CAGAYAN DE ORO CITY (MindaNews/14 July) — Earlier on, in a public meeting in Zamboanga City where the crowd booed the Moro Islamic Liberation Front (MILF) contingent, it’s lead speaker was heard to remark, “it’s all right; after all, that’s how it is in a democracy,” or words to that effect.
It was one of the rare times I’ve heard this gun-toting, violence driven, and terror-tainted group acknowledge democracy as the framework of co-existence among the peoples of Mindanao.
The remark begged a question rarely addressed in a forthright manner, namely: does the Bangsamoro believe in democracy and subscribe to democratic processes?
Another question: having emerged triumphant at the negotiating table, what happens to MILF’s original objective of secession? Will its vaunted firepower still hang over our collective heads like a Sword of Damocles?
It’s important to know because no one is sure if the group really cares to be a member of a democratic republic after all the gun-toting and war gaming. Will it submit to democratic processes, to peaceful resolution of disputes, earnestly and not just as a negotiating tactic?
These questions need answers in light of the still vague concept of a “ministerial form of government”—which they are insisting on while pointedly qualifying it as “asymmetrical” to our republican system; a studied distinction that may come in handy should matters lead to severance.
Relevance and context are important in agreements of this sort; all the more in situations where promoting democracy, institutionalizing its spirit, and the importance of adhering to its processes are neglected agendas.
When and where in Mindanao, for instance, has the Government, local or national, ever conducted an earnest civic education program?
In most of Mindanao even today, what passes for democracy is oligarchy, people power a dynasty. More often than not, development refers to exploitation by vested interests. And justice is a gunslinger.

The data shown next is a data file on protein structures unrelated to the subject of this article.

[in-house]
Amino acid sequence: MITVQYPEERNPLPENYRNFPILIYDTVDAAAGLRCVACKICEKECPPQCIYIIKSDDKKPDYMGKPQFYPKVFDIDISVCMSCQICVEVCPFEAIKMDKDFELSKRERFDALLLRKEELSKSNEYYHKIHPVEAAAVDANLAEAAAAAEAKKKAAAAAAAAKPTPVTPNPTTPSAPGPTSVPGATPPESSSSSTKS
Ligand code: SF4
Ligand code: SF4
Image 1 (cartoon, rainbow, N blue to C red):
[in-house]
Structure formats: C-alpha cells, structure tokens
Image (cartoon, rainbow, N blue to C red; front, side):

There remains an abiding undercurrent of tension in our island region, unstable, volatile, unpredictable. It is exacerbated by the existence of private armies, the large supply and circulation of loose firearms, and the enduring traffic in munitions across porous seacoasts and mountain redoubts. Despite the talk, the atmosphere is not at all conducive to peace and stability.
How can democracy flourish under these circumstances? There is an ever-present possibility that violence may erupt; it keeps Mindanaons in the grip of suspense and uncertainty. Neither life nor possession is safe.
It is urgent that decisive measures be taken against insurgency, against loose firearms, and against traitorous government functionaries that feed into the atmosphere of insecurity. Yet there is no commensurate effort at civic education, peace promotion, or the urgency of disarmament.
Long years of unremitting stress have severely affected countless communities—has there ever been an effort to identify which areas and which populations? Do they need treatment for post traumatic stress disorder or other compensating/mitigating measures? The MILF cannot escape responsibility for much of the stress and suffering. Is there, should there be, a role for the MILF in this now?
In the Autonomous Region for Muslim Mindanao, there are 2,500 barangay communities or so—the region’s grassroots. It is the demographic level where state power and authority reside
Yet it is also the level where democracy is generally perverted, the votes manipulated, the voters corrupted. So the inhabitants are confused or, worse, numb and apathetic. Too many of them don’t know or don’t care to govern themselves; too long have they surrendered governance to their officials.
If the health of our democracy is to be restored, something urgently needs to be done in those areas.
If democratic processes are not operative in them, at the grassroots, where else can it operate except at the level of the oligarchs, plunderers, and trapos?
But people tolerate it, even those who are supposedly educated, and especially many who are bound by solemn public duty to mend the rent in the fabric of democracy.
We cannot let political power at the grassroots be concentrated in petty dynasties and oligarchies and expect our democracy to live on to maturity and enduring stability! Democracy needs intensive attention and care now!
Manny is former UNESCO regional director for Asia-Pacific; secretary-general, Southeast Asian Publishers Association; director, development academy of Philippines; vice chair, Local Government Academy; member, Cory Government’s Peace Panel, and PPI-UNICEF awardee for outstanding columnist. firstname.lastname@example.org